The title is a little daunting. It’s never easy to step out of your comfort zone or overcome loneliness but being lonely can really take a toll on your emotional, mental, and sometimes even physical health!
As an extrovert, I thought traveling would be a piece of cake. I accepted my first assignment thinking it would be great and everyone would be nice and helpful, however, I was wrong. 12 hours into my contract, I was canceled. I was sad and defeated, with it being my first contract, I thought, “This is it, I’m going to be staff forever.”
I wallowed in self pity for about 3 days before switching agencies and getting a new contract. During this time, I was at an all time low. With the last bit of courage I had left, I went to my next contract in Boston, MA and prayed that it was the right decision. After being there for a week, I started to get my groove back. Thankfully, there were other travelers on my floor that I connected with right away....
The staff was also very friendly, giving me pointers on things to do in the city. It wasn’t the easiest transition but once I started making plans with other travelers and staff, I eventually started to feel less alone.
It’s scary to do all that. It’s scary to pick up your life and move across the country and start over. Originally, I thought I was going to be alone, but I was wrong. The travel community is one of the best communities I know. They’re welcoming, they’re friendly, and they are usually willing to help if you need it. You don’t need to do it alone if you don’t want to.
One way to step out of your comfort zone and avoid loneliness is to ask your recruiter to look for an assignment in a city with a big travel professional presence. They might have some good suggestions for your first assignment so you aren’t stuck in a city with no other travelers. Look in a popular city like Seattle, Los Angeles, Florida, etc. Also, do some homework on the city that is being offered to you, you have up to 48 hours to accept a contract (despite what your recruiter might say). A pro tip is to look into a Travel Health Professionals Facebook Group and ask about the hospital and city being offered before accepting a new contract. Always ask questions, but also make sure to fact check the information being provided to you.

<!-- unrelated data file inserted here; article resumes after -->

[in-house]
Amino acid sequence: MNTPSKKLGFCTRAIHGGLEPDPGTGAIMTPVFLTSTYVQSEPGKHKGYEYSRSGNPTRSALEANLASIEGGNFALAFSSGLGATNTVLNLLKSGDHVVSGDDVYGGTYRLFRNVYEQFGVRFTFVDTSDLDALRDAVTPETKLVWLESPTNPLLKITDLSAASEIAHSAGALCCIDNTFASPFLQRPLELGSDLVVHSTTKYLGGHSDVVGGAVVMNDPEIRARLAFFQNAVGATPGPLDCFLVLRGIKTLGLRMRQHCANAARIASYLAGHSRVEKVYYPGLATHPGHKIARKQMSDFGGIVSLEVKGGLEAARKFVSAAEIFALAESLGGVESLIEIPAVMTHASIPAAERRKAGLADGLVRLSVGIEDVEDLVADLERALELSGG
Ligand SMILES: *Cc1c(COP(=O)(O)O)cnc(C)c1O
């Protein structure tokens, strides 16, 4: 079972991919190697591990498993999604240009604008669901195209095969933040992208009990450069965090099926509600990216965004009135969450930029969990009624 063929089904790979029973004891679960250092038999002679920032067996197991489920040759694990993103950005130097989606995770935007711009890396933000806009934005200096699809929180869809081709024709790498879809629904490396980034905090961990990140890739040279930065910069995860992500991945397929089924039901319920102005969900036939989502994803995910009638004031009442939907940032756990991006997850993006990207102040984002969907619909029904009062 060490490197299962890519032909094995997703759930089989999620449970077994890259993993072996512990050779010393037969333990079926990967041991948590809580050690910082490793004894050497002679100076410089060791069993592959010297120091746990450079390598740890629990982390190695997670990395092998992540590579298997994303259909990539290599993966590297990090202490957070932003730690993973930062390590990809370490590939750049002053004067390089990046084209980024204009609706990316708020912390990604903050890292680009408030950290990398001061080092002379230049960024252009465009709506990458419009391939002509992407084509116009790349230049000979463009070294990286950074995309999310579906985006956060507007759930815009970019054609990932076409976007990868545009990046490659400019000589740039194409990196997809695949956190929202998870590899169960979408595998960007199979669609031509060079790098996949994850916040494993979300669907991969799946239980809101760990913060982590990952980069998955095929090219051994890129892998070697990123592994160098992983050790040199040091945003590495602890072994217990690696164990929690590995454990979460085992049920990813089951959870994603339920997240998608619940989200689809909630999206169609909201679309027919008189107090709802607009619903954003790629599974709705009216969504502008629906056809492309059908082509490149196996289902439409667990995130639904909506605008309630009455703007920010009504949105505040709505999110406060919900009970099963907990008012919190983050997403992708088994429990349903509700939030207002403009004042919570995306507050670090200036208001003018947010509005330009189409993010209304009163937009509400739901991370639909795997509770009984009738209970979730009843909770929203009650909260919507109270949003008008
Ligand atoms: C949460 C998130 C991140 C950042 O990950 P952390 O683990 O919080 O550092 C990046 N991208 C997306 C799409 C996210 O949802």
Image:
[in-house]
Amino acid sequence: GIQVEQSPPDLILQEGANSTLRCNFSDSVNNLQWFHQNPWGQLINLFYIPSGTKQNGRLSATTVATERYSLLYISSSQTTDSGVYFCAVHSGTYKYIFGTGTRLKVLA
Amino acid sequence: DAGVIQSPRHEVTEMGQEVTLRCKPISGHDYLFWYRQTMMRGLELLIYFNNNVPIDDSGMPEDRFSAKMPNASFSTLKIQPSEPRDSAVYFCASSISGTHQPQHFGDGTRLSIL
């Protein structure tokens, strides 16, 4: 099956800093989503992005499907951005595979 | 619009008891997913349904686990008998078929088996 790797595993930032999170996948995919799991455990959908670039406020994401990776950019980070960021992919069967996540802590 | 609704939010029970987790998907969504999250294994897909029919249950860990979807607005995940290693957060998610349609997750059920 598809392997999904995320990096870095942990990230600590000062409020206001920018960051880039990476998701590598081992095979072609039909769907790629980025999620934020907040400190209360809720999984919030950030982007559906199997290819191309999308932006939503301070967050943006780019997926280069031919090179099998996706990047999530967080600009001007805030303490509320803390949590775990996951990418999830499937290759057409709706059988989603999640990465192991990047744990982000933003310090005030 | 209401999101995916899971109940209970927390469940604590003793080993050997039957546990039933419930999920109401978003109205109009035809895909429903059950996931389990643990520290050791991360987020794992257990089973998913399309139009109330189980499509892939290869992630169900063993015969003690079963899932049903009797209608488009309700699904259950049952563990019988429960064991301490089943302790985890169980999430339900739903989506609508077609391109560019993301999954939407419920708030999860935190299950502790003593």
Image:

So what happens if you accept a contract and you don’t meet travelers in orientation or on your unit?
It’s pretty easy for me to preach these as good options since I’m a total extrovert, but if you’re not like me you can still step out of your comfort zone and overcome loneliness if you try these steps. Just do them slowly. Baby steps are ok! You don’t need to do all five of these suggestions all at once. Try one and if it doesn’t work or doesn’t feel comfortable, then try option 2 and so on. Do whatever makes you happy but know you don’t have to be alone if you don’t want to be.
My first travel year was one of the hardest years of my life. There was a lot of loss and a lot of days that I just needed to stay in my room and sleep the day away because that was the only way I knew how to make myself whole again. It is ok to go through bad assignments or bad periods of life that feel very lonely but the travel community will pick you up if you want them too and I am here to tell you that as a success story.
Written by Jessica Schaffer, Travel CST and MedVenturist
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